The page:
Patent application title: Scenting Device with Synchronized Audio Playback and On Demand Scenting
Scott Holmes Stapleford (Londonderry, NH, US)
Spencer Levy (Miami, FL, US)
Gary Nelson Stapleford (Londonderry, NH, US)
IPC8 Class: AA61L912FI
Class name: Fluid sprinkling, spraying, and diffusing with selectively preset flow cutoff or initiating means by programming means
Publication date: 2015-05-21
Patent application number: 20150136873
A system that synchronizes a disbursed scent with a related audio
playback message in a retail or public environment. This system is
controlled and managed off-site via the Internet with a specially
designed software application.
1. A system for disbursement of scent with an audio message comprising:
a. A control unit and scenting unit that synchronizes the scent with an
auditory message. b. A control unit that is Internet connected for remote
2. The system of claim 1, further comprising of wireless receiver for remote "on-demand" triggering of the system.
3. The system of claim 1, where the system has multiple scenting output channels.
4. The system of claim 1, that allows programmable pre-scenting.
FIELD OF THE INVENTION
 Embodiments of this invention generally relate to controlling a scenting device via a controller that synchronizes a disbursed scent with a related audio playback message. Control of the scenting devices can be performed via a hardwired or wireless connection. Scenting and audio playback are scheduled through the controller hardware via an Internet connection or can be triggered on-demand via a wireless remote.
 Scenting in a retail and public environment is common practice today and is accomplished using several different methods which include but are not limited to oils, gels and liquids that are either sprayed or evaporated into the an by a fan. The trigger to disperse these scents is predominantly done based upon an interval on-off timer or running a fan continuously over the scent media with no real logic behind when these actions occur.
 Current scenting methods do not allow for a "call to action" with any sort of audio queue when the scent is disbursed and noticed by the customer in the retail or public environment--the scent is just simply disbursed with hopes that the target audience will know what to do. Additionally current systems do not allow for rewrote controlled "on-demand" scenting by the retailer when the target audience is near the product display.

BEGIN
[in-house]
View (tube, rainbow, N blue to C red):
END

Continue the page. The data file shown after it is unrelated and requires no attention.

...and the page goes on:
Many methods today exist for adding scenting in a retail or public environment but the lack of an audio message in conjunction with the scent and on-demand scenting does not exist. What is needed in the art is a complete scenting & audio system that synchronizes both of these "human" senses together in a cohesive and easy-to-use delivery system that generates a "call to action" to the target audience of the scenting and audio system.
 Systems according to some embodiments of this invention provide control hardware which is installed on-site in the retail or public environment. This control hardware is connected to the Internet for communication to the off-site control computer, the on-site public address system and the scenting hardware. Connection from the control hardware to the scenting hardware is done by hardwire connection or wireless communication.
 In some embodiments, the control hardware which is connected to the Internet communicates with an off-site computer running specially designed control software. The control software allows remote management of these off-site units via a GUI (Graphical User Interface). The control software allows control of certain features of the remote units which include but are not limited to location, IP connection information, audio messages, volume levels, playlists, schedules and scenting synchronization.
 In some embodiments, when the scenting and audio system is installed and has connectivity to the Internet, the retailer would program on-site control units with the control software. In the control software the retailer would program a scent to be disbursed when an audio message is played on the environments public address system. The retailer could pick aspects of how the scent is disbursed by pre-scenting before the message is played to make sure there is good coverage of the scent, scent for a specific amount of time during and after the scent is disbursed and select the channel to scent (if there are multiple scents to disburse).